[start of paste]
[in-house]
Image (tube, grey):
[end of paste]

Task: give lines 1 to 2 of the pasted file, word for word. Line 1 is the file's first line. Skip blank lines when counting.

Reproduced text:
[in-house]
Image (tube, grey):